In defense of the call-to-action

Dr. Chuck Doswell, one of the most well-known and respected severe weather researchers, wrote on his personal blog:

Personally, I believe telling people what to do, say via “call to action” statements (CTAs) is not a good idea.  What people need to do depends on their specific situations, about which we as forecasters know nothing! 

The latter part of his statement is true, as are his assertion that people need to develop their plans well ahead of time. But I strongly disagree that call-to-action statements are not important. 

Dr. Doswell is thinking like someone who has devoted his life to severe weather for decades. That makes sense, but it is not a mindset shared by the general public. Fundamentally, he misunderstands the purpose of call-to-action statements: they’re not for teaching people what to do, they’re for reminding people what to do.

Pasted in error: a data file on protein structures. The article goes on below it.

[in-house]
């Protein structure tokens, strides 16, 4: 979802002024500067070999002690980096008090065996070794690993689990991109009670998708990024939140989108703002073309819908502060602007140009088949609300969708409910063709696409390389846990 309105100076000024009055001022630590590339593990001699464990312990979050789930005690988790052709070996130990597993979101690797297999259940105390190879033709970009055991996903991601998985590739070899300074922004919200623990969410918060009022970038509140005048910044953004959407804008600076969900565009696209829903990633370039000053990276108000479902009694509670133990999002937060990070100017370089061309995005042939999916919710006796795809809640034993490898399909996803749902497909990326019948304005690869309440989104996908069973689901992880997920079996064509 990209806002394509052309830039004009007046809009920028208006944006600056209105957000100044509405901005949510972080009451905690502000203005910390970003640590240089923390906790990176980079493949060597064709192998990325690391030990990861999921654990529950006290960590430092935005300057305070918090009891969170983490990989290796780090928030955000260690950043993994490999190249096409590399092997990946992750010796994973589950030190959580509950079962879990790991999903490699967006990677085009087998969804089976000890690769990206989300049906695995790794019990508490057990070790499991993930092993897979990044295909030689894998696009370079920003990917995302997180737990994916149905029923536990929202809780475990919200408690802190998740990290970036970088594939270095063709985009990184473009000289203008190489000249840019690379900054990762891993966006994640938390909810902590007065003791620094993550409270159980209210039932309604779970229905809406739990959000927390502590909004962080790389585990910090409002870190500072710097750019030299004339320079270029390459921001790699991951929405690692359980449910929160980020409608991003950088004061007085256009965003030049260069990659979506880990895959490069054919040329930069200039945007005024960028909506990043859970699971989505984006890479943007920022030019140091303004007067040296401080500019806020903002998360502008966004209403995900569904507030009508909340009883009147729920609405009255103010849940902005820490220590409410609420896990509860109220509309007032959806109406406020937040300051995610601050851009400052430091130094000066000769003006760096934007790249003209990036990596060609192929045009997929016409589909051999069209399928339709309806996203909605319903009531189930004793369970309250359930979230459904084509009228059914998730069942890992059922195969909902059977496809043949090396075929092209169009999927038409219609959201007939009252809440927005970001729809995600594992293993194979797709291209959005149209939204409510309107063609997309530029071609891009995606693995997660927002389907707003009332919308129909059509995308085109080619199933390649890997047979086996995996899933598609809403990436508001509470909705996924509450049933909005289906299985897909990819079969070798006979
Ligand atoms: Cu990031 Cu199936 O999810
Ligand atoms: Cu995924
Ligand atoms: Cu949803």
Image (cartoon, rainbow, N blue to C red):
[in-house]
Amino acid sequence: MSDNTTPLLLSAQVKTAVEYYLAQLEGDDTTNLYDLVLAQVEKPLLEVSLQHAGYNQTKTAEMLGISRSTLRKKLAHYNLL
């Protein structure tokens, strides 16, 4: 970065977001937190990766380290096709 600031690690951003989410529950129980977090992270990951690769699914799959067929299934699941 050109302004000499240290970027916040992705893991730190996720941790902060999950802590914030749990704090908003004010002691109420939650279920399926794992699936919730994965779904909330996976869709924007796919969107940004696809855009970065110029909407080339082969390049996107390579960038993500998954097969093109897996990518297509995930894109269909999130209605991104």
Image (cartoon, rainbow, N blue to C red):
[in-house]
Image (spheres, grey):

In the middle of an emergency, it’s very easy to forget what you know. That’s why people train for scenarios repeatedly – to have responses be reflexive, not cognitive. Call-to-action statements serve to remind people in an emergency of the general principles of severe weather safety. The education about those principles and specific implementations must be addressed ahead of time.

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